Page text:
Spectator on facebook

Spectator on facebook

Slovak cartoon wins at Italian festival

A SLOVAK animated cartoon, Kamene (Stones) by director Katarína Kerekesová, was the winner at the Fano International Film Festival in Italy, which has focused on short and medium-length audiovisual works since 1989.

A scene from the animated cartoon Kamene.(Source: Courtesy of FoolMoon Film)

A SLOVAK animated cartoon, Kamene (Stones) by director Katarína Kerekesová, was the winner at the Fano International Film Festival in Italy, which has focused on short and medium-length audiovisual works since 1989.

Kerekesová’s musical cartoon is a melodramatic story of a woman who seeks to meet a husband at a quarry where ten men work, all of whom have begun resembling the stones they quarry. The woman disrupts their all-male atmosphere and rhythm of work as she offers her emotion and humanity as well as her desire to bear a child. However, the woman soon comes to realise that this is not the proper place for her new life. Marek Piaček composed the music based on the libretto of Mila Haugová’s poems translated into English.

Kerekesová, 37, is an illustrator and produces animated cartoons as well. Her medium-length movie, The Origin of the World, has been shown at several festivals and her recently-released Mimi a Líza animated series was chosen in September for the prestigious Cartoon Forum.

Kamene has been screened at short-movie festivals in France and Mexico and in November it will be shown at the Brest European Short Film Festival, at the Cinessonne 2011 festival in France, at the Vox Feminae film festival in Croatia and at the Animated Dreams film festival in Estonia.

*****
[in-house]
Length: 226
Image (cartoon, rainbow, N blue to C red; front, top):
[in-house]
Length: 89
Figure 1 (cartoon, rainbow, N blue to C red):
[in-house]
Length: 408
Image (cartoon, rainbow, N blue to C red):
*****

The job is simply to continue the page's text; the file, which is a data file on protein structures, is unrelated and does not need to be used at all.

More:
Top stories

In praise of concrete

It was once notorious for its drab tower blocks and urban crime, but Petržalka now epitomises modern Slovakia.

Petržalka is the epitome of communist-era architecture.

Slow down, fashion

Most people are unaware that buying too many clothes too harms the environment.

In shallow waters, experts are expendable

Mihál says that it is Sulík, the man whom his political opponents mocked for having a calculator for a brain, who “is pulling the party out of liberal waters and towards somewhere completely different”.

Richard Sulík is a man of slang.

Blog: Exploring 20th century military sites in Bratislava

It seems to be the fate of military sites and objects in Bratislava that none of them were ever used for the purposes they were built for - cavernas from WWI, bunkers from WWII, nuclear shelters or the anti-aircraft…

One nuclear shelter with a capacity for several hundred people now serves as a music club with suitable name Subclub (formerly U-club).